If all Clevelanders are a little bit Irish on St. Paddy's Day and a little bit Polish on Dyngus Day, then during the Feast of the Assumption, we're all Italian - if only for a few days. "The Feast," as the locals call it, takes over Cleveland's historic Little Italy neighborhood and turns it into a five-block long sea of marinara. This is one of the busiest ethnic festivals of the year and a save-the-date event for locals.
What To Do There:
- There's plenty of drinking that goes on here, but let's be clear: The Feast is all about the food. Once a thriving Italian immigrant community, Little Italy is still home to many of the city's second- and third-generation Italian-Americans. And with that history comes a thriving dining scene for anyone in the mood for cavatelli and sauce, sausage and peppers, or linguini and clams. This is good news for Feast-goers because all of Little Italy's restaurants set up booths outside their storefronts and offer the throngs of hungry visitors the most authentic Italian-American fare that Cleveland has to offer.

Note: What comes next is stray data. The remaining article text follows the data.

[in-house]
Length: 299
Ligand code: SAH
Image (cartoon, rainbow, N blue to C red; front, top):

What Else to Do:
- Look, just about anything you do during the Feast is going to be done with a slice of pizza or a cannoli in your hand. But there is plenty going on. Several restaurants open their doors (even if they're serving food outside) and hold live concerts, dance parties or themed music events. There are also booths dedicated to Italian goods and knick knacks.
- The Feast's final day is the day of the actual Feast Mass - held at the historic Holy Rosary Church - and procession that winds through Little Italy's narrow streets.
Tips for Attending:
- While there is some parking available in Little Italy, you're not going to have much luck finding a free space, and even the pay-lots fill up fast. Luckily, there is an RTA Red Line stop in Little Italy in perfect proximity to the event. Leave the car. Take the cannoli.
- The heart and soul of the Little Italy neighborhood is Holy Rosary Church. For more than a century, the church, parish and neighborhood have commemorated the Catholic Holy Day of Assumption and the proceeding week, which is the reason behind the Feast. Festival planners encourage visitors to understand, appreciate and respect the basis of this popular neighborhood festival by learning more here.